okay, folks, don't tell anyone, but I think we may have had a good day. shh! seriously. no yippees, no cheers, no pompoms. we are not jinxing this.
Everyone promise to keep quiet? Good, I can stop [typing in a manner to indicate] whispering.
Awesome Respiratory Therapists Lon and Gary played with Jane's vent settings today, and it seems to have worked. They adjusted her PEEP setting (which helps keep the lungs from collapsing at the end of an exhalation) and her PIP (peak inspiratory pressure, which is just what it sounds like -- the pressure in the lungs at the end of inhaling), and she went from needing 100% oxygen and backup from the conventional ventilator (the jet runs with it, and the conventional vent can provide a little or no extra breaths, depending on the setting) to...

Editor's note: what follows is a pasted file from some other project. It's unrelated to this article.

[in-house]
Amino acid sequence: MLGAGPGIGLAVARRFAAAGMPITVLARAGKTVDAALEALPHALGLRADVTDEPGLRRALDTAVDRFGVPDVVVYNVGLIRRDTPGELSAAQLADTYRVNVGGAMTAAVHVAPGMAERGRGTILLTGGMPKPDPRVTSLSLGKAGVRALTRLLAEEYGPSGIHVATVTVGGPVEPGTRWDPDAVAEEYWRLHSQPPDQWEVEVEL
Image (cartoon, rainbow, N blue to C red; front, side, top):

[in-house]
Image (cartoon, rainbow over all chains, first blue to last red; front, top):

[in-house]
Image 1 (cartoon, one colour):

*** 60% and they're turning off the backup (as of Tom's 9 pm call to the nursery). ***
I want to put that in huge, bold letters, but I'm trying my darndest not to get too excited. Excuse me for a moment while I spit, throw salt over my shoulder and make the sign against the evil eye.
Could this be the solution or at least the balance everyone's been looking for? (knocking wood) Obviously it's impossible to say, but at least she got an easier day out of it. AND it was time to change her isolette -- just because they do that periodically, the isolette get pretty grody after a while -- and I got to hold her again! For like fifteen whole minutes. It took that long just to get Jane's wires untangled and my chair situated so that it was close enough to the machines to keep her hooked up and yet far enough from the crib that they could slide the old one out and the new one in. I would have asked Tom to take pictures of the whole proceedings but he was too busy talking to his ICN BFF, Cathy. Now you know who to blame for this photo-free post.
I won't ask you to cross your fingers again because SOMEONE out there is obviously untrustworthy in that regard. But a little "go, vent, go" chant from time to time would be nice. If you happen to think of it.
Oh, and that "A" term I couldn't come up with yesterday that describes the wandering collapse in Jane's lungs is atelectasis. Can you blame me? See, you've already forgotten it and you just read it.